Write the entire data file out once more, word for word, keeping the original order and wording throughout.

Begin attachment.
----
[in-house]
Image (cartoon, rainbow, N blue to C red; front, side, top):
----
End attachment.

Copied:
[in-house]
Image (cartoon, rainbow, N blue to C red; front, side, top):